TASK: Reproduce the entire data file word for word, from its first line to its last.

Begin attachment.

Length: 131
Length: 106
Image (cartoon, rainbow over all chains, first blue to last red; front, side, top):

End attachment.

Length: 131
Length: 106
Image (cartoon, rainbow over all chains, first blue to last red; front, side, top):